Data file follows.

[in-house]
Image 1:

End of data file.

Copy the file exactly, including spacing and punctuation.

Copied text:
[in-house]
Image 1: